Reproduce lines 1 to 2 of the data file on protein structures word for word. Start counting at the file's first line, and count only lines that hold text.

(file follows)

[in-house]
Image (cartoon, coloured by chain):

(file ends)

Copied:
[in-house]
Image (cartoon, coloured by chain):